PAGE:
“Is equality enough? Today, many in the disability rights movement are moving towards the conclusion that it is not.87 Even after the ramps are built, the paraplegic must still buy the wheelchair and the specially modified car. Some people with disabilities will be limited in the work they can do and the income they can earn, no matter how extensive the accommodations. Many will never work. Notwithstanding extensive congressional action, people with disabilities continue to be less well-educated and more likely to be unemployed than those without.88 The challenge to the disability rights movement is to formulate a theory that retains the dignity of the civil rights model but acknowledges these special problems.”

    Sagit Mor (2006) has studied these two systems and their historical lack of real world synchronization as a needed prelude discussion to transform what are called ‘disability allowances’ in Israel. Her well-researched treatment of the two systems and their recent Israeli history is solid background for understanding similar American tensions. She conjectures why there is no reference to social insurance in Israel’s disability rights legislation:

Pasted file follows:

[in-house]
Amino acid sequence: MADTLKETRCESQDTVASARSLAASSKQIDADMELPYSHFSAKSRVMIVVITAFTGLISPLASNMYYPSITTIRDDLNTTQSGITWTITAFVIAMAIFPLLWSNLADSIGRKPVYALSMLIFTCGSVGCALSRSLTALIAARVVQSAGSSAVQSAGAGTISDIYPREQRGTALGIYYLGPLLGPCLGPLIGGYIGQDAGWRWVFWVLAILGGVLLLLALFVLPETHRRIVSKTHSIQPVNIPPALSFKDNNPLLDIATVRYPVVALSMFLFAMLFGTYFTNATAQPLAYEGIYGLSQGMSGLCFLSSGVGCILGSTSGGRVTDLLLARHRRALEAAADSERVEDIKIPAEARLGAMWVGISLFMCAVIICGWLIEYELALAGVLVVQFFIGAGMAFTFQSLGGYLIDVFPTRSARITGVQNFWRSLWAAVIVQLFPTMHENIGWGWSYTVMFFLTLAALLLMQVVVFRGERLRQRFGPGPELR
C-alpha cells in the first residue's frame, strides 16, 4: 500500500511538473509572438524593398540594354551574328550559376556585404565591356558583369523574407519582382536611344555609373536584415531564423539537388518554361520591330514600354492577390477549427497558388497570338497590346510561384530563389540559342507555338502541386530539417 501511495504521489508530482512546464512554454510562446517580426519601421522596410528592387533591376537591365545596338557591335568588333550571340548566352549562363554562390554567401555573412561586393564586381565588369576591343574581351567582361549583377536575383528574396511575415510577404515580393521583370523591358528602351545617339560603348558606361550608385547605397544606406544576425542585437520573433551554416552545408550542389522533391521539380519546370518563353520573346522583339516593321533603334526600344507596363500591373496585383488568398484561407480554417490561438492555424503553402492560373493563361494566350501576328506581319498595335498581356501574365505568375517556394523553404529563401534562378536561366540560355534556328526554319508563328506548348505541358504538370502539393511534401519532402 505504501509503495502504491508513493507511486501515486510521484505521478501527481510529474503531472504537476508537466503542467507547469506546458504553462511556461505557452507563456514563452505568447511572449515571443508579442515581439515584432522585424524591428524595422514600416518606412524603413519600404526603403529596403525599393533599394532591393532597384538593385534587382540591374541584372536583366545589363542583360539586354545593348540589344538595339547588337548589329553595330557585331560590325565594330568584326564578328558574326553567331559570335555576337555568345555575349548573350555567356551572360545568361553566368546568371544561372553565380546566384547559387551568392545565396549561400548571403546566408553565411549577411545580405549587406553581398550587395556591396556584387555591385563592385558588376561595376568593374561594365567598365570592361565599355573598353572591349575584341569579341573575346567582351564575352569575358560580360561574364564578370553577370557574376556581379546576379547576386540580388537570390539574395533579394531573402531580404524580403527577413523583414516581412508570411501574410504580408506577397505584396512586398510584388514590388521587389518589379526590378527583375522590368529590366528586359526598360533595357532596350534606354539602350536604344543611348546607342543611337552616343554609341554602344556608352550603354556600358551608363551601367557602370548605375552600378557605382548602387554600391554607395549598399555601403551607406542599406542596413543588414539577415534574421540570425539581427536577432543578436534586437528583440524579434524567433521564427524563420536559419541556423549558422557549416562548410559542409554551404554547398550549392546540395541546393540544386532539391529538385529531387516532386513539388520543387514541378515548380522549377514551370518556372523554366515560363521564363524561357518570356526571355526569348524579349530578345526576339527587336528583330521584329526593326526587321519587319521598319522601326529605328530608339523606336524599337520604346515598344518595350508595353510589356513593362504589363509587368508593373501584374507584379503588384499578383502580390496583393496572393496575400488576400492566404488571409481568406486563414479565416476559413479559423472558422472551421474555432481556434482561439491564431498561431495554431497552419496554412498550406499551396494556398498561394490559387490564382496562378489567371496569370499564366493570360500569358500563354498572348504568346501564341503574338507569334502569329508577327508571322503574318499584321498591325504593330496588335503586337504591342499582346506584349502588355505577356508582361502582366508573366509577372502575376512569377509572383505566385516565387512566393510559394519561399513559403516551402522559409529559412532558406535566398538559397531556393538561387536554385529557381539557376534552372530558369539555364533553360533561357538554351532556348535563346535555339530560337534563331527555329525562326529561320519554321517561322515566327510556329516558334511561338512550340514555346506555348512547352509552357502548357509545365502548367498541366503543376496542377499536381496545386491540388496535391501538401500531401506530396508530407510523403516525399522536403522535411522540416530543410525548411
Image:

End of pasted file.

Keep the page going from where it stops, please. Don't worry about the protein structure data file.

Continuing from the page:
“A related conclusion might be that the absence of social insurance and economic security from the ERPWD Bill re-exposes the role that neo-liberal ideas and productivity among them still plays in disability policy even among progressive circles: While all services that the Bill enumerates and promotes are designed to support disabled persons in their independent lives and enhance the conditions that allow their productivity, primarily through full employment, disability insurance was perceived (even if indirectly) as giving up productivity. This might mean that the disability rights framework did not entail a challenge to the dominant meaning of productivity and independence but rather adopted it.”